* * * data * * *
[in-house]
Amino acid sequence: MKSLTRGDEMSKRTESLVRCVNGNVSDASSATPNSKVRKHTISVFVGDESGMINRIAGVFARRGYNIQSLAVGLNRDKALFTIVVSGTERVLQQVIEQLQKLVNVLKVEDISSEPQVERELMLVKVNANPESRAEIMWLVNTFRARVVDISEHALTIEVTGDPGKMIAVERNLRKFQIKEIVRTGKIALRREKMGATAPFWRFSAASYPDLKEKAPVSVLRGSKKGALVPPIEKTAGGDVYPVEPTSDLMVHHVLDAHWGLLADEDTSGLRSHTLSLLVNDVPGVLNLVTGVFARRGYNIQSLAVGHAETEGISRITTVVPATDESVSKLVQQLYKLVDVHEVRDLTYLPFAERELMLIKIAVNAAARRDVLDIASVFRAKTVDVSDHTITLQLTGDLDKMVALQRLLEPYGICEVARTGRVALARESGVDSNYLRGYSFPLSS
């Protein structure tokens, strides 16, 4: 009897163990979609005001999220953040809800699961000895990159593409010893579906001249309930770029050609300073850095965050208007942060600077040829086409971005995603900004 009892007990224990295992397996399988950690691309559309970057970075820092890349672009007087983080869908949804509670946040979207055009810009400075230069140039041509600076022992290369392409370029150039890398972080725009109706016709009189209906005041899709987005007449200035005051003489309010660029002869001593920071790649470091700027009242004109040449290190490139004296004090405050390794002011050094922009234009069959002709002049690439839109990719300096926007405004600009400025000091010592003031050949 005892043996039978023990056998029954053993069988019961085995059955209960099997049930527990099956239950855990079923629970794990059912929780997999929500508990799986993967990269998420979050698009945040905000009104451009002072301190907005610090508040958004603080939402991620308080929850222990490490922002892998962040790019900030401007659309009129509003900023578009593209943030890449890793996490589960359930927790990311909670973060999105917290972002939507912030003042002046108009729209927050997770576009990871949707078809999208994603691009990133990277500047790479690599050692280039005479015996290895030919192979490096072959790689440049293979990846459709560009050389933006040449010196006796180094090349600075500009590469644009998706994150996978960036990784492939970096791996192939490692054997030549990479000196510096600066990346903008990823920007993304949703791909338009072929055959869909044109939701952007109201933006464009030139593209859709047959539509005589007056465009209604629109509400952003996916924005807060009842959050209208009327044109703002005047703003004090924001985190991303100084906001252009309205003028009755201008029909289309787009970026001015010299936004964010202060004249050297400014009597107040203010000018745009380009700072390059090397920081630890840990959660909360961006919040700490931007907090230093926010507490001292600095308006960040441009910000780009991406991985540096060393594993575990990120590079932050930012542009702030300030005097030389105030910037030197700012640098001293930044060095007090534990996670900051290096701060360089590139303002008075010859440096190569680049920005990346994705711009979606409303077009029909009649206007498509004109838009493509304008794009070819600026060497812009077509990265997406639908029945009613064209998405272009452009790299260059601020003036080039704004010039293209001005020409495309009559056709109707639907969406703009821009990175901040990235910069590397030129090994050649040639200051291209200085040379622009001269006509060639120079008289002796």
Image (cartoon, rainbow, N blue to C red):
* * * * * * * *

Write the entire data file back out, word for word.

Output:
[in-house]
Amino acid sequence: MKSLTRGDEMSKRTESLVRCVNGNVSDASSATPNSKVRKHTISVFVGDESGMINRIAGVFARRGYNIQSLAVGLNRDKALFTIVVSGTERVLQQVIEQLQKLVNVLKVEDISSEPQVERELMLVKVNANPESRAEIMWLVNTFRARVVDISEHALTIEVTGDPGKMIAVERNLRKFQIKEIVRTGKIALRREKMGATAPFWRFSAASYPDLKEKAPVSVLRGSKKGALVPPIEKTAGGDVYPVEPTSDLMVHHVLDAHWGLLADEDTSGLRSHTLSLLVNDVPGVLNLVTGVFARRGYNIQSLAVGHAETEGISRITTVVPATDESVSKLVQQLYKLVDVHEVRDLTYLPFAERELMLIKIAVNAAARRDVLDIASVFRAKTVDVSDHTITLQLTGDLDKMVALQRLLEPYGICEVARTGRVALARESGVDSNYLRGYSFPLSS
């Protein structure tokens, strides 16, 4: 009897163990979609005001999220953040809800699961000895990159593409010893579906001249309930770029050609300073850095965050208007942060600077040829086409971005995603900004 009892007990224990295992397996399988950690691309559309970057970075820092890349672009007087983080869908949804509670946040979207055009810009400075230069140039041509600076022992290369392409370029150039890398972080725009109706016709009189209906005041899709987005007449200035005051003489309010660029002869001593920071790649470091700027009242004109040449290190490139004296004090405050390794002011050094922009234009069959002709002049690439839109990719300096926007405004600009400025000091010592003031050949 005892043996039978023990056998029954053993069988019961085995059955209960099997049930527990099956239950855990079923629970794990059912929780997999929500508990799986993967990269998420979050698009945040905000009104451009002072301190907005610090508040958004603080939402991620308080929850222990490490922002892998962040790019900030401007659309009129509003900023578009593209943030890449890793996490589960359930927790990311909670973060999105917290972002939507912030003042002046108009729209927050997770576009990871949707078809999208994603691009990133990277500047790479690599050692280039005479015996290895030919192979490096072959790689440049293979990846459709560009050389933006040449010196006796180094090349600075500009590469644009998706994150996978960036990784492939970096791996192939490692054997030549990479000196510096600066990346903008990823920007993304949703791909338009072929055959869909044109939701952007109201933006464009030139593209859709047959539509005589007056465009209604629109509400952003996916924005807060009842959050209208009327044109703002005047703003004090924001985190991303100084906001252009309205003028009755201008029909289309787009970026001015010299936004964010202060004249050297400014009597107040203010000018745009380009700072390059090397920081630890840990959660909360961006919040700490931007907090230093926010507490001292600095308006960040441009910000780009991406991985540096060393594993575990990120590079932050930012542009702030300030005097030389105030910037030197700012640098001293930044060095007090534990996670900051290096701060360089590139303002008075010859440096190569680049920005990346994705711009979606409303077009029909009649206007498509004109838009493509304008794009070819600026060497812009077509990265997406639908029945009613064209998405272009452009790299260059601020003036080039704004010039293209001005020409495309009559056709109707639907969406703009821009990175901040990235910069590397030129090994050649040639200051291209200085040379622009001269006509060639120079008289002796």
Image (cartoon, rainbow, N blue to C red):